Servant Leadership and Knowledge Management

I thought I was on top of the management/leadership literature but was surprised to have only come across the concept of “servant leadership” (while at a KM meeting in New York last week that I recently mentioned) when a colleague mentioned the concept in a list of suggested readings.

Although the Wikipedia entry for this topic notes that the principles date back thousands of years, the concept entered the management literature a number of decades through writings by Robert Greenleaf. It is a philosophy of “serve first” and then lead by seeing that other people’s highest priorities are being met, all the time acting ethically and aligned with the organization’s values.

The term caught my eye in part because it is oxymoronic and in part because of its possible application to library services and knowledge management. Librarianship has always been based on “serving first” and taking a collaborative approach (with colleagues and with the patron) to see that information needs are being met. The situation in knowledge management is perhaps more complicated. Clearly all those who work in knowledge management want to “serve first” and to promote organizational sharing through collaboration and so on (i.e., along the lines of “servant leadership”) but there is also the notion – if not need – for knowledge managers to take the traditional, top-down, “lead by example” and “seize the day” mentality of leadership to get things done.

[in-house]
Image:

Another book/topic to add to the reading list . . . .

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